Focus: to Improve Human Health

Developing a Molecular Understanding of Disease through Organic Synthesis and Chemical Biology 


Focus: to Improve Human Health

Developing a Molecular Understanding of Disease through Organic Synthesis and Chemical Biology 


REsearch interests

Research in the Aldrich lab investigates complex biological phenomena using novel small-molecule probes derived from diversity-oriented synthesis. Our research interests span three major areas of chemical biology:

(1) Development of methods to access natural product-like scaffolds for the determination of chemical features that predict biological performance diversity.

(2) High-Throughput and High-Content Screening to identify small molecules that modulate complex biological pathways.

(3) Exploration of cellular processes that are important in human health using newly discovered small-molecule probes, with the ultimate goal of discovering novel therapeutic strategies for treating diseases.

One particular pathway of interest to our lab is autophagy, an evolutionarily conserved catabolic process critical to cellular homeostasis and innate immunity in which cytosolic content is engulfed in autophagosomes and degraded in lysosomes. Defects in autophagy have been implicated in a number of human diseases, including inflammatory diseases, infectious diseases, neurodegenerative diseases, and cancer. The small-molecule probes developed within our lab will facilitate our exploration of autophagy in the context of these highly diverse diseases.


Leslie Aldrich


Leslie Aldrich


Leslie N. Aldrich



UNIVERSITY OF ILLINOIS AT CHICAGO                                            

Leslie was born and raised in Alabama where she developed an appreciation for nature and the great outdoors. After graduating from Springville High School (2004) in Springville, AL, Leslie attended Mercer University in Macon, GA where she obtained a Bachelor of Science degree (2008) in chemistry with minors in biology and Spanish. Leslie then moved a little farther north to Nashville, TN to pursue her Ph.D. under the guidance of Prof. Craig Lindsley in the Department of Chemistry at Vanderbilt University. Leslie's thesis focused on the total synthesis of polypyrrole natural products with significant anticancer activity and the development of synthetic methods to rapidly prepare small-molecule antagonists of the M1 muscarinic acetylcholine receptor as a potential treatment for dystonia. After receiving her Ph.D. in 2012, Leslie moved much farther north to Boston, MA for a postdoctoral fellowship with Prof. Stuart Schreiber in the Department of Chemistry and Chemical Biology at Harvard University and the Center for the Science of Therapeutics at the Broad Institute of MIT and Harvard. During her fellowship, Leslie studied cellular pathways associated with the occurrence of Crohn's disease by patient-based genetics and discovered small molecules derived from diversity-oriented synthesis to probe these pathways, with the aim to ultimately develop novel therapeutic strategies. When she is not in the lab, Leslie enjoys camping and hiking with her husband (Jon), her Pembroke Welsh Corgi (Einstein), and her crazy Cowboy Corgi (Oy). She also enjoys running and reading science fiction novels, although not at the same time so she doesn't break an ankle, again.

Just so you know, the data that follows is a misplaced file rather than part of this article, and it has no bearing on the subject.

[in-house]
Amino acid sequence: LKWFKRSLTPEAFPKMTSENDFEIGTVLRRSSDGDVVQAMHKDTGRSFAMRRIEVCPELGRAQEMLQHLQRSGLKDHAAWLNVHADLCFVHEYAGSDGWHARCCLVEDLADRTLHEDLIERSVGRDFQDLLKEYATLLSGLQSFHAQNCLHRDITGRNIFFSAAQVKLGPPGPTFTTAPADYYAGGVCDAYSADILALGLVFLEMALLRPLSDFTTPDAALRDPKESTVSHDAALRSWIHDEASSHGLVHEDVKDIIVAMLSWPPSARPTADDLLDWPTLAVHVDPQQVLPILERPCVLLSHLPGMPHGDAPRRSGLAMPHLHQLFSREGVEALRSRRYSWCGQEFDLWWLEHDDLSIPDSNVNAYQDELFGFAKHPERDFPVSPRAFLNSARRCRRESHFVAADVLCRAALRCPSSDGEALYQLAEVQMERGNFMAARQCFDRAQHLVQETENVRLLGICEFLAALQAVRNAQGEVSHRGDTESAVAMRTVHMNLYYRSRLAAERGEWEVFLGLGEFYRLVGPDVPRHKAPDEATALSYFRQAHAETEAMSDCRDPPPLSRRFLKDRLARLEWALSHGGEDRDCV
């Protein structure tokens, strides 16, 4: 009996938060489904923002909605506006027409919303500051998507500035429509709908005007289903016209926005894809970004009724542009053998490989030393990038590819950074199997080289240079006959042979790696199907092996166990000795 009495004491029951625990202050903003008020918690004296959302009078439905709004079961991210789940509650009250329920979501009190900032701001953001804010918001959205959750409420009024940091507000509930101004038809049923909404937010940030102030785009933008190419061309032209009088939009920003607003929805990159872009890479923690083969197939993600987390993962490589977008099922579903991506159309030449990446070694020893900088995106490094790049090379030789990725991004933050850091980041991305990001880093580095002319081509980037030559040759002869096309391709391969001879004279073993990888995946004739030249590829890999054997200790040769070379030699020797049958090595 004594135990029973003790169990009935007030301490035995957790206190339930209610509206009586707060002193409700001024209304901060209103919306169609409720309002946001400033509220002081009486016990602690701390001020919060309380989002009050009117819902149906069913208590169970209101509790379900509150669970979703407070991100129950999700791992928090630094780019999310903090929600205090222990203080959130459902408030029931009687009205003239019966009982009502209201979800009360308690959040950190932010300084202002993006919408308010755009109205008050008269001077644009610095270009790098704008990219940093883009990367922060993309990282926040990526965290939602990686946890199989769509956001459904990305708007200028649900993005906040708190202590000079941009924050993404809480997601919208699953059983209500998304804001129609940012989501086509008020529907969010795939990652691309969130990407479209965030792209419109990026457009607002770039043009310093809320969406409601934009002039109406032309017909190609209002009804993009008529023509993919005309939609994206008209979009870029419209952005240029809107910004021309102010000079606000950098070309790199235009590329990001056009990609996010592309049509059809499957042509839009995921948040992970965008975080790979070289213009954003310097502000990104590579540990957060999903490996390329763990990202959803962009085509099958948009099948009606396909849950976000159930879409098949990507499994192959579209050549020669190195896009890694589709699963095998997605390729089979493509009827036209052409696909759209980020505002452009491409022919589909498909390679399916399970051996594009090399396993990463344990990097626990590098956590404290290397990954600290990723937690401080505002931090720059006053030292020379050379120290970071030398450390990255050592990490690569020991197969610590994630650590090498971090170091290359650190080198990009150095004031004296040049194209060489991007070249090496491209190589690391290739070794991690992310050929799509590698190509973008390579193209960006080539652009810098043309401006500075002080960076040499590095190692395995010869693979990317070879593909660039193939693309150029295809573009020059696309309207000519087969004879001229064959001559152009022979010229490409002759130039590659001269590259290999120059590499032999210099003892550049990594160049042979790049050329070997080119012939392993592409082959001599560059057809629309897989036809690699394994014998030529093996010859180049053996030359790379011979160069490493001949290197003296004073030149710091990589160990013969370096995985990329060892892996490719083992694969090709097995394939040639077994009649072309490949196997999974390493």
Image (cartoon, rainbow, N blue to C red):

leslieportraitjpg (1).jpg

Education and Experience

2012-2015 Postdoctoral Fellow, Harvard University and the Broad Institute (Advisor: Stuart Schreiber) 

2008-2012 Ph.D. Vanderbilt University (Advisor: Craig Lindsley)  

2004-2008 B.S. Mercer University (Advisor: Kevin Bucholtz)                        

Honors and Awards 

P.E.O. Scholar Award (2011-2012) 

Vanderbilt University Warren Fellowship (2008-2010) 

NSF Graduate Fellowship Honorable Mention (2008)

Merck Index Award (2008)

Mercer University Presidential Scholarship (2004-2008)                                                                                                                                                                                                              



Lab Members

The dictionary is the only place where success comes before work --- Mark Twain

Lab Members

The dictionary is the only place where success comes before work --- Mark Twain